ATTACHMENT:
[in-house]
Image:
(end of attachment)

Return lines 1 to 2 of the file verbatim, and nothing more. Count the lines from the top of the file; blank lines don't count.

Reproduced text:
[in-house]
Image: